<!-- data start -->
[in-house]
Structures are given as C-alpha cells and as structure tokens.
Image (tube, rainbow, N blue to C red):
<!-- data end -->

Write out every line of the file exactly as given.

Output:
[in-house]
Structures are given as C-alpha cells and as structure tokens.
Image (tube, rainbow, N blue to C red):